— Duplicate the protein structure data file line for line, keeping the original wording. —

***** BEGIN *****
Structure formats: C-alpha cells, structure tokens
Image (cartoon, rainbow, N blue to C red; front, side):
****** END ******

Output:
Structure formats: C-alpha cells, structure tokens
Image (cartoon, rainbow, N blue to C red; front, side):